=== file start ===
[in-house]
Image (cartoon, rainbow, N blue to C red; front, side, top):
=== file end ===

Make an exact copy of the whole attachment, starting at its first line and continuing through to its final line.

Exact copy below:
[in-house]
Image (cartoon, rainbow, N blue to C red; front, side, top):